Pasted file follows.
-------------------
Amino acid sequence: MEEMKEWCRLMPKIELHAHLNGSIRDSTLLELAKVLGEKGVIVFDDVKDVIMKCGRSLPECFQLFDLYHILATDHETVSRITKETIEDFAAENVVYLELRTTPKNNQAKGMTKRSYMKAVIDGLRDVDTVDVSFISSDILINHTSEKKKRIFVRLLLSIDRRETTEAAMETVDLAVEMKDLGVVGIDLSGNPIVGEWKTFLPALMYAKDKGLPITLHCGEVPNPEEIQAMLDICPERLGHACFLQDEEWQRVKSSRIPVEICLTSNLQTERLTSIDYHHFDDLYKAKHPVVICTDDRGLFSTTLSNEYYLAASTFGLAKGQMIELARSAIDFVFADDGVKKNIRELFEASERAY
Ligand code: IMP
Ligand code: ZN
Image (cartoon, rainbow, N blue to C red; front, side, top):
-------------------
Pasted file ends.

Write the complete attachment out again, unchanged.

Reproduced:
Amino acid sequence: MEEMKEWCRLMPKIELHAHLNGSIRDSTLLELAKVLGEKGVIVFDDVKDVIMKCGRSLPECFQLFDLYHILATDHETVSRITKETIEDFAAENVVYLELRTTPKNNQAKGMTKRSYMKAVIDGLRDVDTVDVSFISSDILINHTSEKKKRIFVRLLLSIDRRETTEAAMETVDLAVEMKDLGVVGIDLSGNPIVGEWKTFLPALMYAKDKGLPITLHCGEVPNPEEIQAMLDICPERLGHACFLQDEEWQRVKSSRIPVEICLTSNLQTERLTSIDYHHFDDLYKAKHPVVICTDDRGLFSTTLSNEYYLAASTFGLAKGQMIELARSAIDFVFADDGVKKNIRELFEASERAY
Ligand code: IMP
Ligand code: ZN
Image (cartoon, rainbow, N blue to C red; front, side, top):